Dealing with the inevitable failure of Communism on any sort of level simply put a Soviet Union, a mid-tier power of its era on long term life support. Any country with either middling resources or extensive resources will simply be sucked dry by Communism. Only a country with very limited resources, like Vietnam has a shot at being able to make Communism actually work even over a time horizon as short as a few decades.

There are actually very few truly Communist countries left any more.
 

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Please do tell me how Khruschev's reforms were better than Trump's, comrade. Trump is a capitalist, which clearly rankles you - it's because he's a capitalist that he promotes his brand.

Well, comrade, Khruschev's reforms were attempting to benefit the country. Trump's EOs and appointments only benefit his businesses and his business / contributor connections. I have no problem with businessmen promoting their brand, but that's not a primary responsibility of a President. But I am sure that's lost on you.
 

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Critics of Trump like to call him crude, ill-mannered, and uncivilized ("Ugh, what is that uncouth guy saying this time? What a caveman!")
People used to say the same about Khruschev ("Look - he's taken off his shoe and is hammering it on the table! What a caveman! What a dumb farmer!")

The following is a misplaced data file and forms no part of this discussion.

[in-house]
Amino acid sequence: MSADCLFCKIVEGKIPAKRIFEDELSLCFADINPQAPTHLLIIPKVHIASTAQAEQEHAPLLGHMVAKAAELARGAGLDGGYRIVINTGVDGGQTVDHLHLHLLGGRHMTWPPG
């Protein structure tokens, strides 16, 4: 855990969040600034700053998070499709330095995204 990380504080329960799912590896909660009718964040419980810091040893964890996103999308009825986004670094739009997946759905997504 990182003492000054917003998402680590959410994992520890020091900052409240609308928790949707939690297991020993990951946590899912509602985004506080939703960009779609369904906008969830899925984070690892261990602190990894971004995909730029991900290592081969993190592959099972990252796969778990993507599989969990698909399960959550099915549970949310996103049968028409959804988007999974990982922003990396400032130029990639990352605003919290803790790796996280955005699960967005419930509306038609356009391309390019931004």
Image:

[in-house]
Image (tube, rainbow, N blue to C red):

Khruschev was a reformer.
Many say that Trump is a reformer too.

Khruschev became leader due to a backlash following the rule of Stalin. Contrary to popular belief, Stalin was not a Russian himself, but came from a tiny ethnic minority - he was Georgian.
Coming from the tiny Georgian minority and having to contend with much larger ethnic groups like Russians and Ukrainians, he naturally wanted to build up a huge overpowering state in order to give him the means to grapple with much larger social groups, in order to bring society to heel under his vision.

Trump became POTUS in a backlash against the policies of his predecessor, who was also an ethnic minority. This predecessor likewise wanted to build up an overpowering state to help him stamp his vision onto the wider society, and bring larger uncooperative groups to heel. Eric Holder wasn't as severe as Dherzinsky, but he had some attitudes towards the rest of American society which many deem unhealthy.


And yet what happened to Khruschev in the end? When his far-reaching reforms stumbled, he got prematurely pushed out - his opponents had him put out to pasture.
Trump is engaging in far-reaching reforms too. If these should stumble and the economy runs into serious adversity, then his opponents will likewise pounce, and have him put out to pasture.


What are the risks of this happening?